NEW YORK – As Harvard’s defense of its admissions practices continues in a Boston courtroom, the university faces one main obstacle: It’s guilty as charged, as the Vox writer Matt Yglesias recently tweeted. Harvard policy does discriminate against Asian-Americans. So the next step is to arrive at a deeper understanding of how both America and Harvard got to this point.
Like Matt, I attended Harvard (for my doctorate in economics), and most of the people there are as well-meaning as any you might find in Idaho or West Virginia. So why are they imposing burdensome and prejudicial standards on Asian-American applicants?
Step back from the emotions of the current debate and start with the general point that social elites need to replicate themselves, one way or another. Otherwise they tend to fade away; think of the leaders and institutions of the temperance movement. Harvard, in contrast, is still one of America’s leading universities almost four centuries after being established.
One Harvard strategy, common among top universities, is to give preference to descendants of alumni. This practice boosts donations not only by cementing loyalties, but also because many alumni give money, either prospectively or “at the moment of purchase,” to get their children admitted. Thus do wealthy universities and family dynasties work in conjunction to help sustain American business and intellectual elites, both in terms of finances and cultural coherence.
Another Harvard strategy has been to support affirmative action and related practices to make the university more welcoming to African-American and Latino applicants. This is motivated by a genuine desire to remedy social injustice. It also helps put the university in the vanguard of progressive social movements, thereby boosting the status of Harvard and helping it maintain its culturally elite position — and, not coincidentally, its donations.
Finally, Harvard hasn’t boosted class size very much over recent decades. A Harvard class is supposed to be cohesive rather than anonymous, more like a memorable social event than a visit to a giant retail warehouse. That, too, boosts the impact of Harvard as an experience, and it probably induces alumni to give more money.
When you put all of these policies together, however, some group has to be on the losing side. In this case, it is Asian-American applicants with excellent grades and test scores. But Harvard’s leaders see the university as good for America (correct) and their policies as good for Harvard (plausible, though of course debatable). Voila! The collateral damage on Asian-American applicants is psychologically minimized and explained away as a problem that can only be remedied over time.
There is a relatively straightforward way to remedy this problem: As both I and my Bloomberg Opinion colleague Noah Smith have argued, America’s elite universities should significantly boost their class size. That would allow Harvard to accommodate many of the Asian-American applicants disadvantaged under the current system. I readily admit that raising class size will lower academic standards for faculty tenure. I don’t think it will lower the average quality of the student body at Harvard, and it may well raise it, given the academic injustices of the status quo. It does mean that most of Harvard’s academic departments — which play a major role in running the university — would have to expand considerably, and that would in many cases displace the current ruling departmental coalitions.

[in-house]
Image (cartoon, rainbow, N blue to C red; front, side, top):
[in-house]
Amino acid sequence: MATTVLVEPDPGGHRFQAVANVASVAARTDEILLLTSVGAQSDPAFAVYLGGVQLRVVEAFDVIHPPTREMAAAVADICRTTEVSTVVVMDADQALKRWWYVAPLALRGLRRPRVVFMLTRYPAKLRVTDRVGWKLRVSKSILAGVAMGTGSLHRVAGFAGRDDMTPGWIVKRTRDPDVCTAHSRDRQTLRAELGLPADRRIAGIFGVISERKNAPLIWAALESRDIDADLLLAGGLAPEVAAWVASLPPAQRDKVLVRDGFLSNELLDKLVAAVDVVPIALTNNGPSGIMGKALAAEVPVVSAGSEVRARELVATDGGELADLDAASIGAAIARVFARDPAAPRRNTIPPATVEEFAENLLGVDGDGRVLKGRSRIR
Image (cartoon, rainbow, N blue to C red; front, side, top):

Returning to the larger problem of elite reproduction: Few societies have methods of assuring cultural continuity that could be revealed transparently without causing at least some outrage or scandal. It’s not that all of these methods are deliberately racist or prejudicial. Rather, it’s that — by necessity — they involve some exclusion of outsiders, if only as a byproduct of the strategy for building cultural coherence among the in-group. It is no accident that Harvard has strenuously resisted disclosing the methods of its admission processes.
But with the lawsuit, Harvard’s strategies and data are being revealed to all, and can be debated by all. Of course it’s not going to look good. I was struck by a recent paper showing that “almost 80 percent of the faculty at a top 10 economics department did their Ph.D. in a top 10 department.”
Well, maybe those really are the best schools. But this is the world that has to end, and greater fairness for Asian-Americans will be one of the biggest collateral benefits from greater inclusivity and openness.
In the meantime, the elites will do everything possible to protect the system, co-opt the opposition and make a mix of symbolic and real concessions. Selection and survival pressures have a way of imposing their will on situations, no matter what the intentions of the people involved. You will recognize these elites by their apologies, their attempts to shift the focus back to African-American issues and their unwillingness to entertain fundamental change.
This fight is long overdue, and I am going to enjoy it.
Tyler Cowen is a professor of economics at George Mason University and writes for the blog Marginal Revolution. His books include “The Complacent Class: The Self-Defeating Quest for the American Dream.”
IN FIVE EASY PIECES WITH TAKE 5